American Claims Management (ACM), has ample reason to celebrate already this year, and not just because we’ve been spared any major catastrophes thus far. Founded in 1988, they’re celebrating their 30thyear; plus, they’ve been named “Service Office of the Year” – for the second time in a row.
“Although we had another great year in 2017, we were surprised to win two years in a row,” said Scott Marshall, ACM’s CEO. “As a service company, we’re judged on how well we respond to significant losses for our clients. I am happy to report we exceeded their expectations despite a number of significant events in 2017”
We sat down with ACM’s principals – Scott Marshall plus Deirdre Gonzales, president of ACM’s Workers’ Compensation group and Dhara Patel, president of ACM’s Property & Casualty division, to discuss their service philosophy, 30 years in the making – the secret sauce to ACM’s success.
What caused you to shine in 2017, to be named “Service Office of the Year”?
“2017 was a very trying year in terms of storms,” Patel explained. “We had three back-to-back hurricanes and thousands of claims. Our teams worked 24/7. It was a huge team effort in terms of response. Everyone, I mean everyone, was on the phone helping hurricane victims. In three weeks we received as many claims as we typically get in six months. On average, we were able to close claims within 35-45 days due to our teams’ super-human efforts.
“Our Tampa office was shut down briefly because the eye of Hurricane Irma passed right by them. This was particularly bad timing because Hurricane Harvey had struck two weeks before, meaning the adjusters were already very busy. But the ones who had power were able to work from home, online, all weekend, taking care of storm victims,” she related.
Hurricane Harvey had presented unique challenges, as adjusters were unable to access many of the flooded areas for inspections. As a Houston resident, Field Adjuster Trevor Linhart was one of the first ones dispatched to inspect homes in the aftermath. But Trevor’s own family was evacuated, so he was simultaneously taking care of customers and his own family. “We were lucky and able to stay at a friend’s place,” says Trevor.
“Some of my assignments said they had damage from tornadoes, and the folks were real anxious for me to come out. I got there while it was still drizzling rain, making them very happy, and their neighbors were a little jealous!” Trevor also met a customer who couldn’t get to his home due to road closures. “He was worried it would be a long time before another appointment could be made, so we walked there together, wading through a little water. Luckily the water had stopped in his yard, and he just had some wind damage. I was able to write him an estimate and get the claim moving right along.”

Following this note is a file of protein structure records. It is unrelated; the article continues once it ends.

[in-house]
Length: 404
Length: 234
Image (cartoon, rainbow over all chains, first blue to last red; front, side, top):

How were you able to achieve these successes?
“Our teams,” Gonzalez answered. “We have an incredible group of people who’ve been in their industry roles for years. Most of them have been with us for long periods of time as well. And naturally, long-term relationships inspire trust – trust that your co-workers are going to do their jobs and support you in yours.
“TPAs (third-party administrators) like ACM typically have a large turnover,” she added, “but our employees don’t leave. They’ve been through multiple catastrophes together, and they function at the top of their game.”
Patel agreed. “With last year’s hurricanes, we kept hearing all these crazy stories of people leaving their companies to go work in the field as adjusters, because they were getting paid big dollars. But our turnover was nothing compared to our competitors’; we barely had any at all. Our teams stuck together and stuck it out. They were amazing.”
“Our culture helps create our ‘stickiness’,” Marshall explained. “By stickiness, I mean the fact that our employees stay long-term. It’s our culture to provide the best tools for success, such as first-class technology, low caseloads and frequent training/mentoring. They get to choose the philanthropic causes we support financially and organize the events to raise money for donations. We celebrate our successes in serving our clients well with picnics and parties. Even things like casual dress, flexible work schedules – all of these contribute to a culture where our teammates can thrive.”
What differentiates ACM from its competitors?
Marshall named five pillars that push ACM ahead of its competition: technology, flexibility, transparency, expertise and empathy.
Technology. “We offer innovative technology solutions that we can customize for each client,” he explained. “ACM has invested heavily in its technology that allows us to provide these tailored solutions. We don’t just offer a set menu of solutions; we listen to what our clients need, and then work our technology and our systems – our solutions – around their needs.”
Flexibility. Gonzalez explained, “I tell prospective clients we’re a speedboat vs. an aircraft carrier. We’re fast-moving, maneuvering, mobile, innovative, almost able to turn on a dime.”